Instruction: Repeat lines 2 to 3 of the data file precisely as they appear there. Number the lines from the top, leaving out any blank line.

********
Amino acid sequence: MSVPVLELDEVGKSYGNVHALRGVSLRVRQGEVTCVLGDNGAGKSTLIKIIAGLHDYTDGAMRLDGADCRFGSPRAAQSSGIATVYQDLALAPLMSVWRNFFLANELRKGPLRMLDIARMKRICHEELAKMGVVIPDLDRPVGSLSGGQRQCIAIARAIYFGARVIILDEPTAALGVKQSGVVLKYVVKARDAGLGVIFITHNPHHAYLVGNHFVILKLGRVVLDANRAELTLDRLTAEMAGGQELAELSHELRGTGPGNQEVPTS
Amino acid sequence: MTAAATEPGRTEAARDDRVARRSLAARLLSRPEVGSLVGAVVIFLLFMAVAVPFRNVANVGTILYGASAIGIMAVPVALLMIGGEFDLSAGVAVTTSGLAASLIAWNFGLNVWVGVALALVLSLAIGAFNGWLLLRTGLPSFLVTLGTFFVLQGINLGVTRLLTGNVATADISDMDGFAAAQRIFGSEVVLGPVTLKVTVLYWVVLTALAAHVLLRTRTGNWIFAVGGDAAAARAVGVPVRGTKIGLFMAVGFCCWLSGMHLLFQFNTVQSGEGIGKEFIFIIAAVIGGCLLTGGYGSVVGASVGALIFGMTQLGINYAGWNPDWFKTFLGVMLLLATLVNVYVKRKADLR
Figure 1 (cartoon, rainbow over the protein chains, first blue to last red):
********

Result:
Amino acid sequence: MTAAATEPGRTEAARDDRVARRSLAARLLSRPEVGSLVGAVVIFLLFMAVAVPFRNVANVGTILYGASAIGIMAVPVALLMIGGEFDLSAGVAVTTSGLAASLIAWNFGLNVWVGVALALVLSLAIGAFNGWLLLRTGLPSFLVTLGTFFVLQGINLGVTRLLTGNVATADISDMDGFAAAQRIFGSEVVLGPVTLKVTVLYWVVLTALAAHVLLRTRTGNWIFAVGGDAAAARAVGVPVRGTKIGLFMAVGFCCWLSGMHLLFQFNTVQSGEGIGKEFIFIIAAVIGGCLLTGGYGSVVGASVGALIFGMTQLGINYAGWNPDWFKTFLGVMLLLATLVNVYVKRKADLR
Figure 1 (cartoon, rainbow over the protein chains, first blue to last red):